John Stossel: Healthy profits?
For years, my brother annoyed me by not embracing the libertarianism that changed my life. It bored him. He was comfortable in his Harvard cocoon.
Lately, the anti-capitalists have become obsessed with “conflict of interest” in science — any trace of corporate money must poison honest medical research.
“People cheat for money,” replied Tom. “But evidence that collaborations compromise clinical integrity and patient care is practically nonexistent. A voluminous 2009 Institute of Medicine report on ’Conflict of Interest in Medical Research’ was unable to find evidence of a negative effect on patient outcomes.”
That probably wouldn’t happen today, says Tom, because now the stock options the Nobel winner got are forbidden at research institutions like Harvard.
Market competition. Other scientists will try to replicate dramatic findings and debunk false claims and sloppy scientists. Companies worry about scandal, lawsuits, the FDA and recalls. They can’t get rich unless their reputation is good.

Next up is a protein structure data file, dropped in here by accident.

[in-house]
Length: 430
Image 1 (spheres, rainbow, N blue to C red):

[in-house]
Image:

“The Sunshine Act is a boondoggle for accountants, compliance bureaucrats and the legions of lawyers whom companies will hire to manage the regulations,” says Tom. “These parasites will muddle through endless complexities, such as which entity of a global company actually pays physicians and must report the payments. There will be the questions of how to identify which physicians are being paid for what, such as how to account for $25 worth of bagels brought into a group practice office when it’s unclear who actually ate the bagels.”
John Stossel is host of “Stossel” on the Fox Business Network. He’s the author of “No They Can’t: Why Government Fails, but Individuals Succeed.”
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